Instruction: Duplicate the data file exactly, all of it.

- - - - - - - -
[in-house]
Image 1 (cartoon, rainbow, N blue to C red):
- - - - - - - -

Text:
[in-house]
Image 1 (cartoon, rainbow, N blue to C red):